Working dogs are valuable animals and often have accidents a long way from a veterinary clinic. What you do after an accident may not only save the dog's life but can also hasten its recovery. First aid is all about sustaining life and preventing things from getting worse before you get professional help.
Some general rules
- Check for a clear airway and normal breathing.
- If unconscious, place the animal so its vomit cannot be inhaled.
- Muzzle securely as pain may make it aggressive.
- Stop any bleeding.
- Handle injuries carefully - use a sack or blanket as a stretcher.
- If you suspect broken bones immobilise them with splints before moving.
- Examine animals all over with care - compare suspected injured parts with normal.
- Check for blood loss - gums and third eyelids should be pink.
- Check pulse inside the upper thigh (femoral artery) or heartbeat over the chest.
- A normal heartbeat is between 80 and 120 beats/minute.
- Check whether excessively hot or cold. The normal temperature is about 38.5 C
- Have accurate history and any relevant samples for the vet.
Wounds & bleeding
Cleanliness is essential - clean hands and clean dressings. For external bleeding apply external pressure and elevate the injured part - unless a fracture is involved. Wash the wound and surrounding skin with clean water working from the centre outward and dry with cotton wool. Carefully remove any obvious foreign bodies. Once cleaned, place a sterile pad over the wound and bandage it on firmly (not too tight) until you get to the vet. If it's a limb leave the foot out to check the drop in temperature or swelling. When bandaging use the same principles as for humans.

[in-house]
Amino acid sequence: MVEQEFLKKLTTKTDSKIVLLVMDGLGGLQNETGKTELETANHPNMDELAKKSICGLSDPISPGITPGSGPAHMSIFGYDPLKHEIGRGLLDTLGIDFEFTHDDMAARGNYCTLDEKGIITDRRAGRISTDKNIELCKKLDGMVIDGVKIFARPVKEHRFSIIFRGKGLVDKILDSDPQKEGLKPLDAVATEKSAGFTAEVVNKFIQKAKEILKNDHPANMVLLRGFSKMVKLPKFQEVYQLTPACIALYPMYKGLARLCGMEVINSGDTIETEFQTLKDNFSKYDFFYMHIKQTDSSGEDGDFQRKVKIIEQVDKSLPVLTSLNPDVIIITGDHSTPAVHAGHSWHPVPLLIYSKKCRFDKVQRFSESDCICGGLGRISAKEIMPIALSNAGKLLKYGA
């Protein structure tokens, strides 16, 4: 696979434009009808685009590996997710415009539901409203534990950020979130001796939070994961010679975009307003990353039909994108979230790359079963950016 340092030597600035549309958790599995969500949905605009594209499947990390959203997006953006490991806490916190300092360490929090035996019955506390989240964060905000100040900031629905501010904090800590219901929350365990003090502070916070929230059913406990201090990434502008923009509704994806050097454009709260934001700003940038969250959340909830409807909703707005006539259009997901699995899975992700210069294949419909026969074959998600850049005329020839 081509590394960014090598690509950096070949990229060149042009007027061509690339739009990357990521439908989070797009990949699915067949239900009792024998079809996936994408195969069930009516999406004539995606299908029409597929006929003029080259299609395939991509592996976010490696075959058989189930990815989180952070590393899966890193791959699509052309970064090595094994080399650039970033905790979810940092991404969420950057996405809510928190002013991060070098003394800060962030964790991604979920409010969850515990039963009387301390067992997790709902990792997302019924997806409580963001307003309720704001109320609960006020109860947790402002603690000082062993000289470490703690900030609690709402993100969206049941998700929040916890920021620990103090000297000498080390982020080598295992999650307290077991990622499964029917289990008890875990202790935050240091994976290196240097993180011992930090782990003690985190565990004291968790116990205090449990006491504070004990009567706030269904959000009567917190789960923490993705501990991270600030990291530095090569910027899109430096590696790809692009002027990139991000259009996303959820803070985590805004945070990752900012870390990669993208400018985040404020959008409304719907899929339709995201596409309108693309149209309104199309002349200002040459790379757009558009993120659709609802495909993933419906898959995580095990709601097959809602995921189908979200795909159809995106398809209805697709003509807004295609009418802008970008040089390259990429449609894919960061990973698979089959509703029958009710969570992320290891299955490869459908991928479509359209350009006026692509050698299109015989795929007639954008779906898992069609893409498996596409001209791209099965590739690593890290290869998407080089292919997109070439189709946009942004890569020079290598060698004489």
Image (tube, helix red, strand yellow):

Internal injuries are a greater worry as they are hard for non-professionals to diagnose. Blood may be coughed up or appear in faeces, urine or vomit. Shock is a concern so keep the animal warm ( not overheated) and get to a vet immediately. Don't offer feed or drink as it may need an anaesthetic. Pale gums and eyes will denote blood loss as well as weak pulse and shallow breathing.
Bones and joints
If limbs look abnormal suspect breaks, fractures or dislocations. A common problem is the "stifle injury" caused by the dog catching its hind leg when jumping a fence. Pain, swelling and displacement are signs you need to get to the vet without delay, trying as well as you can to immobilise the affected limbs. Don't attempt to manipulate things yourself - you'll do more damage to arteries and tissues.
Swellings under the skin
These may be due to many causes - but let the vet decide. They can be due to the accumulation of blood from ruptured vessels, saliva from damaged salivary ducts or abscesses filled with pus caused by bacterial infections, or even grass seeds that work their way under the skin. Swellings can also be caused by accumulated fluid under the skin and have many causes. Tumours will also produce lumps that need investigating. Don't be tempted to burst abscesses - you'll only spread the infection.
Heat and cold